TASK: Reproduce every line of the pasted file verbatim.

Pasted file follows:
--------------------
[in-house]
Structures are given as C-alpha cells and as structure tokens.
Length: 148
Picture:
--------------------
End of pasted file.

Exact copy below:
[in-house]
Structures are given as C-alpha cells and as structure tokens.
Length: 148
Picture: